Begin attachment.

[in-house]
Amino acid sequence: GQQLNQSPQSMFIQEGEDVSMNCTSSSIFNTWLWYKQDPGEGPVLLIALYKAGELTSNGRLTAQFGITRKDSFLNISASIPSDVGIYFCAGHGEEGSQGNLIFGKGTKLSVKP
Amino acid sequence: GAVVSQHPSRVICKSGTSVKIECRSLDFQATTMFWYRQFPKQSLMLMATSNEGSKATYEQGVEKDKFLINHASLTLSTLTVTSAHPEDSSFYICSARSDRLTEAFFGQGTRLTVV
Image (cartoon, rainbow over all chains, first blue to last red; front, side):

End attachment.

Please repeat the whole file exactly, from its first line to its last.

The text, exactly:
[in-house]
Amino acid sequence: GQQLNQSPQSMFIQEGEDVSMNCTSSSIFNTWLWYKQDPGEGPVLLIALYKAGELTSNGRLTAQFGITRKDSFLNISASIPSDVGIYFCAGHGEEGSQGNLIFGKGTKLSVKP
Amino acid sequence: GAVVSQHPSRVICKSGTSVKIECRSLDFQATTMFWYRQFPKQSLMLMATSNEGSKATYEQGVEKDKFLINHASLTLSTLTVTSAHPEDSSFYICSARSDRLTEAFFGQGTRLTVV
Image (cartoon, rainbow over all chains, first blue to last red; front, side):